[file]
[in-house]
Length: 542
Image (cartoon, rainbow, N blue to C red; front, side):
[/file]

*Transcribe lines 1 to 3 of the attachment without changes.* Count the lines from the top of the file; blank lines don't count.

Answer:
[in-house]
Length: 542
Image (cartoon, rainbow, N blue to C red; front, side):